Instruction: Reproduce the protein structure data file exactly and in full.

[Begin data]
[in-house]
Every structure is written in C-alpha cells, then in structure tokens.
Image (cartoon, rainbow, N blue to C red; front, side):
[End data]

[in-house]
Every structure is written in C-alpha cells, then in structure tokens.
Image (cartoon, rainbow, N blue to C red; front, side):